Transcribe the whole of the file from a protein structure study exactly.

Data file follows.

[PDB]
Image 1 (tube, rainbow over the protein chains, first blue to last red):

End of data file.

[PDB]
Image 1 (tube, rainbow over the protein chains, first blue to last red):